“Anything is possible!!!!” was the cry heard from Donald Sterling when the, once rescinded, Chris Paul to LA Clippers, trade was finalized.  You have to give it to the Clippers organization, for once they showed some ‘sticktuitiveness’.   Now they have arguably the best point alongside unarguably the most talented and promising young forward in the league.  Chris Paul made David West a two-time All Star, so imagine what he’ll turn Blake Griffin into (Karl Malone infused with Amar’e?).  Let’s hope the ‘Clipper curse’ doesn’t find its way into Blake’s knees, or Chris Paul’s knees for that matter.  Think about how much better Blake will be with the best playmaker in the game at the helm.  This summer everyone was salivating over, newly minted NBA champion, Tyson Chandler.  The same Tyson Chandler that New Orleans traded for Emeka Okafor.  The same Tyson Chandler who played five forgettable years in Chicago.  The same Tyson Chandler everyone had written off before he teamed with Chris Paul.  Now Chandler has joined the Knicks and is heralded as the answer to all their defensive liabilities.  In addition to the insane pick and roll nightmares Paul and Griffin create, don’t forget about Tyson Chandler Redux – DeAndre Jordan.  The Clippers traded everything but the kitchen sink to get Paul.  Luckily this kitchen sink is 6’11 and hates when you try to score on his basket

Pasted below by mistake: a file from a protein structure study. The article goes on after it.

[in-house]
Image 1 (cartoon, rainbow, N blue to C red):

“The city of New Orleans has been great to me these past six years.  We’ve been through a lot together, but I think the thing I’ll miss most is the drunk tourists on Bourbon Street.”

Once the original Chris Paul to LA (Lakers) trade didn’t go through, I thought the team hurt most was New Orleans.  As they stood to lose Paul but gain Lamar Odom, Luis Scola and Kevin Martin, a very solid Nuggets-esque team makeover, before David Stern vetoed the trade.  Stern’s shrewdness seems to have paid dividends once again.  The Clippers lost a perennial All Star, but gained a former All Star in Chris Kaman, a future All Star in Eric Gordon, an athletic wing in Al Farouq-Aminu and a possible franchise player with Minnesota’s (bound to be lottery) 2012 draft pick.  That’s a wealth of talent for a player who was adamant about going to either New York or LA.  Originally, it probably didn’t dawn on Paul how good of a fit he’d be on the other LA team.  He’s now one-two with a beastly power forward, as opposed to an aging, albeit great, shot-happy two guard.  The question heard ‘round the Internets is “are the Clippers better than the Lakers?”  In short, we don’t know, and no one will know until both teams have finished making moves.  Two important variables for the LA teams: will Bynum’s knees hold up, and how much will Griffin improve in his second year?  If Bynum is healthy and fully mobile than he’s a force and one of the best centers in the league, but if he can’t stay on the court then the Lakers are in trouble.  Blake impressed/surprised everyone at how good he was as a rookie, and if he continues to make leaps and bounds then the Clippers as a whole will be an absolute force.